Roasted Butternut Squash
This Roasted Butternut Squash is truly delicious enough to be eaten on its own as a side dish, or it can be used as an ingredient for salads or recipes like Butternut Squash Soup. Once you try this, I bet you’ll find yourself making big batches for meal prep, freezing, and dinners.
Though I’ve prepared butternut squash in many different ways, this is my preferred way to make it. If you’ve never had it simply roasted in cubes before, prepare to be amazed by how delicious it can be.
With only 4 ingredients, it doesn’t seem like it could possibly be that good, but when you combine the hot dry heat of a good roast in the oven with lots of surface area, you get a ton of delicious caramelization.
Cutting into cubes = more caramelization
Even though it’s more work to cut cubes instead of roasting the squash whole, doing it this way gets you a TON more caramelization, depth of flavor, and sweetness.
Don’t want to cut it yourself? Many grocery stores also sell it pre-cut in fresh form, and that takes away most of the work if you’d rather not mess with it. Unfortunately, I don’t recommend the frozen stuff. The texture is pretty bad.
Why This Recipe and Cooking Method Is So Great
✅ Most delicious way to cook butternut squash – Roasting it in cubes is the best because you caramelize the most surface area and get the deepest flavor. These little bites are so good!
✅ Caramelized but not burned – I share some tips below for how I get well browned and caramelized edges but without burning or scorching.
✅ So many ways to use it – I’ll often roast big trays of this, then save some of the squash for making soup or other recipes. There’s so much you can add this to like salads or even using as a swap for pumpkin puree in recipes like Pumpkin Muffins. I share more ideas at the end of the post.
✅ Easily customizable – While you’re tossing the cubes with the oil, salt, and pepper, feel free to toss in whatever spices you’d like, such as cinnamon, cloves, ginger, or cardamom.
How to Make It Step by Step:
Unless you’re buying it pre-cut from the store, you’ll first need to select, peel and cut the squash into cubes. I recommend purchasing one that’s firm to the touch, heavy for its size, and without any cuts, bruises, or punctures in it.
Here’s a quick visual guide for How to Cut Butternut Squash into even pieces if you don’t know how to do it. The key is to separate the bulb at the bottom from the upper portion.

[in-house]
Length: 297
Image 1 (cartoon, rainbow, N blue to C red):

Toss the cubes in a bowl, not on the tray
Get a big bowl for tossing everything together, which will aid you in coating every piece evenly in oil for maximum browning. Trust me, this is one of my secrets to the best roasted vegetables like Roasted Cauliflower and Roasted Sweet Potatoes. Tossing it on the sheet pan just doesn’t coat everything as evenly.
Combine the cut cubes with the oil of your choice, salt, and black pepper:
I now prefer ghee, but you may use olive oil, coconut oil, or any other high heat roasting fat you prefer.
Toss everything well to coat the cubes evenly in the oil and seasonings.
Give the pieces space to breathe
Spread the pieces evenly on a parchment paper lined baking sheet, making sure they have a little space between them. That way they don’t steam each other, and have a chance to brown.
The parchment paper is essential here and prevents burning. Getting the perfect golden edges is all about finding that side of the line where the squash is caramelized and golden, but not burned, and the parchment helps with that.
Toss partway through cooking to maximize browning
Partway through baking, toss the pieces well to redistribute everything, and keep roasting, until caramelized and soft:
I have found in my tests that tossing to redistribute is truly one of the secrets to perfectly caramelized vegetables that aren’t burned.
More Ideas for Enjoying This Vegetable Side
Most of the time, I simply serve this in a bowl as is, because we love it that much. But here are a few more ideas for enjoying this recipe.
- Add to salads like a Cobb Salad or Kale Salad.
- Blend into a pasta sauce like I do in these Cheesy Stuffed Shells.
- Add as a pizza topping like for this Squash Pizza.
- Add to a bowl of Ground Turkey Chili.
- Add as a focaccia topping as I do in this Caramelized Onion Focaccia.
- Add to bowls of quick Chicken Noodle Soup.
Recipe FAQ and Expert Tips
Store in an airtight container in the fridge for up to 5 days.
Absolutely, but know that the texture won’t be quite the same as fresh, so I prefer to freeze it for blended or pureed recipes like soups or sauces.
Yes, you can do the prepwork of peeling and cutting the vegetable into cubes up to 1 day before. Store in the refrigerator. Or, you can make the whole recipe and then later reheat the cubes in the microwave or oven.
The least soggy method is to spread the cubes on a parchment paper lined baking tray and bake in a 300F oven for 10 minutes. You may also microwave them until warmed through.
Roasted Butternut Squash
- 3 lb butternut squash*
- 3 tbsp olive oil
- 1/2 tsp salt
- 1/4 tsp black pepper
- Preheat the oven to 400 F. Line a baking sheet with parchment paper.
- Peel and cut the squash into 1" cubes (see my visual guide on How to Cut Butternut Squash, if needed).
- Place the cubes into a large bowl, and toss well with the oil, salt, and black pepper.
- Spread the pieces out evenly onto the parchment lined baking sheet, scraping any oil from the bowl onto the paper as well.
- Roast for 30 minutes, until the cubes are starting to brown on the edges.
- Use a turner to flip and redistribute the squash throughout the pan, and roast for another 10-20 minutes, until the pieces are soft and thoroughly caramelized on the outer surfaces, but not burned. It's important to keep your eye on it.
- Let cool slightly for a couple minutes, then serve!
Nutrition is estimated using a food database and is only intended to be used as a guideline for informational purposes.